This, of course, eventually resulted in Lafigueroa turning on me as well and attempting to take one of my planets. Surprisingly, I was able to hold my own and defend my planet until backup in the form of Skittles’ massive fleet arrived. Eventually, Lafigueroa was exiled to the second and much smaller neighboring star system before Skittles decided that it would be prudent to wipe him out completely. After Lafigueroa’s empire fell at Skittles’ hand, it was very late and we decided to end the match there.
During those matches, I managed to get a decent understanding of the controls, the deep but still somewhat simple fleet management system and the various intricacies of the game. SOASE is a game that’s simple to learn if you’re willing to devote the necessary time to it but is suitably very difficult to master. This isn’t necessarily a very fast paced game but you have to formulate and execute your strategy fairly quickly to avoid falling behind your enemies in the development of your empire. If you don’t adapt quickly, you will be wiped out.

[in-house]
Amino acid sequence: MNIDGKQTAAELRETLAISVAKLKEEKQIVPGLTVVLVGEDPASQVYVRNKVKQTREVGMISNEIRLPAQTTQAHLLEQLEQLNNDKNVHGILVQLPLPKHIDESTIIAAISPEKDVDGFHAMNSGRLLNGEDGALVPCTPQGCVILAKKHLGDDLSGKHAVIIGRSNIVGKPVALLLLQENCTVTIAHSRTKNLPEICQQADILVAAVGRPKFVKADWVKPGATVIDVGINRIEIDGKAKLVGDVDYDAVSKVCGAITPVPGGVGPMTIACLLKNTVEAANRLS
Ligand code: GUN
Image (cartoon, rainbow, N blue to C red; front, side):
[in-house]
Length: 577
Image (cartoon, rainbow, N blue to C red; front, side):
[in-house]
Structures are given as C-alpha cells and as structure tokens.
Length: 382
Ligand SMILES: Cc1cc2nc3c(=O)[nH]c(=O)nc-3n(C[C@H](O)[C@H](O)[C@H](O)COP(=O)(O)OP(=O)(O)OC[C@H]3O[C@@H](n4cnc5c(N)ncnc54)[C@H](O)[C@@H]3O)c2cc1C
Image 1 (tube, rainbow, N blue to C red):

All in all, I definitely enjoyed my time with SOASE and it’s a game that I can definitely see myself playing at length in the near future. Perhaps after I’ve delved into the single player campaign and learned a bit more about the game, I’ll start up one of those 100+ planet games against a single AI opponent and see how I fare. For $4, this was an exceptional value and while it’s no longer on sale for that amazing price, Sins of a Solar Empire seems like it’s worth the current $20 asking price on Impulse.